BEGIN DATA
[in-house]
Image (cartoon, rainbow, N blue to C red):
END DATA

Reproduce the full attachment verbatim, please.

[in-house]
Image (cartoon, rainbow, N blue to C red):